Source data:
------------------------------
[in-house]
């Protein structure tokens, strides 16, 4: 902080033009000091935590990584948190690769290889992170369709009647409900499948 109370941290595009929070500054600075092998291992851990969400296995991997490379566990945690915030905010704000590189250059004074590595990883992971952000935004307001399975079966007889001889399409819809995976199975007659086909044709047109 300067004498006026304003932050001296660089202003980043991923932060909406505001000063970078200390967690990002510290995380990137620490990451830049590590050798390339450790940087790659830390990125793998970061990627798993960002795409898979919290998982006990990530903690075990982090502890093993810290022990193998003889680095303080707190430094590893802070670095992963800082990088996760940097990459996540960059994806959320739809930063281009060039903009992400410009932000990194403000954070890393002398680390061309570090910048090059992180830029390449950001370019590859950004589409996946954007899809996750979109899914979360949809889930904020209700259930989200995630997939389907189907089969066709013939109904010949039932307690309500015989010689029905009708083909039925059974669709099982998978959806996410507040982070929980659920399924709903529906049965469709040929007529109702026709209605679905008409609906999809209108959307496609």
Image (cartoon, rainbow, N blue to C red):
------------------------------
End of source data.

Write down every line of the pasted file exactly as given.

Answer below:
[in-house]
């Protein structure tokens, strides 16, 4: 902080033009000091935590990584948190690769290889992170369709009647409900499948 109370941290595009929070500054600075092998291992851990969400296995991997490379566990945690915030905010704000590189250059004074590595990883992971952000935004307001399975079966007889001889399409819809995976199975007659086909044709047109 300067004498006026304003932050001296660089202003980043991923932060909406505001000063970078200390967690990002510290995380990137620490990451830049590590050798390339450790940087790659830390990125793998970061990627798993960002795409898979919290998982006990990530903690075990982090502890093993810290022990193998003889680095303080707190430094590893802070670095992963800082990088996760940097990459996540960059994806959320739809930063281009060039903009992400410009932000990194403000954070890393002398680390061309570090910048090059992180830029390449950001370019590859950004589409996946954007899809996750979109899914979360949809889930904020209700259930989200995630997939389907189907089969066709013939109904010949039932307690309500015989010689029905009708083909039925059974669709099982998978959806996410507040982070929980659920399924709903529906049965469709040929007529109702026709209605679905008409609906999809209108959307496609």
Image (cartoon, rainbow, N blue to C red):